Interview notes for internal and external nominations made in April by the Student Government Executive Board will not be made available to the public, after their disclosure was determined to be in violation of federal privacy rights by the University's Office of Legal Affairs.
Student Government President Kori Rady, who has been hesitant to disclose the contents of the interview notes before their contents became a legal matter, said the interview notes contain sensitive and intimate disclosures that should not be made public.
“I think, with the assembly and executive board working so close together, we’re already on the same page in regards to student privacy in that we value it and are working hard to protect it,” Rady said. “Listening to these people delve into their lives … there are definitely situations during interviews that you just feel like ‘wow I probably shouldn’t let everyone know about this,’” Rady said.
The internal and external positions — more than 70 in total — include various SG agencies, such as Hook the Vote, and working as liaisons between SG and other organizations, such as Faculty Council or the city government.
The decision follows an SG court ruling in May asking the executive board to release all interview notes to the public, due to an internal rule stipulating that all interview questions, answers and evaluations shall be made public by the staff.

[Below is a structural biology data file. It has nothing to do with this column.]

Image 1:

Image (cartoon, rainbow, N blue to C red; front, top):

Rady said a potential constitutional amendment drafted and approved by the SG assembly could circumvent the issue in the future, but a timeline on that particular plan of action has not yet been established.
Braydon Jones, SG assembly speaker, said in an internal email that all previously made appointments which were invalidated by the May court ruling, will be reconfirmed at SG’s meeting of the fall semester.
According to Jones, representatives will have until Aug. 22 to review nominees.
Dean of Students Soncia Reagins-Lilly, who also serves as an advisor to SG, said while individual students have every right to view their personal information under FERPA — or the Family Educational Rights and Privacy Act — an organized group like Student Government does not.
Enacted in 1974, FERPA restricts student records from all parties without written consent, including parents, and applies to all institutions receiving funding from any program under the U.S. Department of Education. Sara LeStrange, spokeswoman for the Office of the Dean of Students, said the Office of the Vice President and Chief Financial Officer has the final decision in matters related to FERPA.
Lilly said she thinks personal anecdotes and stories of triumph, adversity or otherwise should be told at the sole discretion of the student.
“Transparency does not mean ‘at the expense of,'" Lilly said. “It’s up to you to share that story.”
This article has been updated since its original publication.